“Continued membership would maintain labour force” – Russell.
Staying within the Single Market is vital for securing Scotland’s future workforce, Minister for UK Negotiations on Scotland’s Place in Europe Michael Russell said today.
Mr Russell visited Stoddart’s beef processing company in Broxburn, West Lothian and heard from the Managing Director about concerns over the future ability to access EU Nationals to work for the company. They also discussed concerns around continued tariff free access to the EU market for beef products, especially the Scotch Beef PGI brand.
Mr Russell said:
“A hard Brexit and the end of freedom of movement will create the very real risk that the number of people working in Scotland will fall.
“That will mean fewer tax-payers to support vital public services and many sectors of the economy will struggle to attract the workers they need.
“It is essential we remain a member of the Single Market and Customs Union. Many companies benefit from our fellow EU nationals’ work as well as having access to the world’s most lucrative market.
“The Scottish Government continue to push for continued membership, not just as part of a transition deal but as the final destination, so securing the future of our workforce and protecting access to valuable markets.”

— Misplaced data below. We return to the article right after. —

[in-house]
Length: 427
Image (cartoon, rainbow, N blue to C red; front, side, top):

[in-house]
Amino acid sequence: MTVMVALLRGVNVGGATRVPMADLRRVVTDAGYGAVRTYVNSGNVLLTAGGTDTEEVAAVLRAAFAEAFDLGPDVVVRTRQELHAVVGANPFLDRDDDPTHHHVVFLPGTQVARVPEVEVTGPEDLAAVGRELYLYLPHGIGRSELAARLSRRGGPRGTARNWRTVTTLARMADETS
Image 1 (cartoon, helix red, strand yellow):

Managing Director of Stoddart’s Grant Moir said:
“Scotland has to compete with the rest of Europe in its bid to attract people into the workplace. Following the initial Brexit announcement this has become an increasingly challenging task for many Scottish Food and Drink businesses.
“At Stoddart’s we depend on a large number of EU Nationals to make up our workforce without whom we would be unable to run our business at its current level. One third of our processing staff are non-UK EU nationals highly skilled in meat processing.
“Any restriction of freedom movement as a result of the Brexit negotiations will in my opinion be hugely detrimental to both our business and the wider Scottish Economy.
“Recruitment and retention of our EU National workers will remain our single biggest business challenge for the immediate future”
Chief Executive of Quality Meat Scotland, Alan Clarke, said:
“Having access to a pool of skilled labour is essential to ensure that the Scottish red meat sector can have sustainable growth. Non UK nationals are of fundamental importance throughout the red meat supply chain, especially in the processing sector, for example, in respect of statutory food safety inspection and monitoring carried out in Scottish processors, Food Standards Scotland report that around 98% of their official veterinarians are from outside the UK.”
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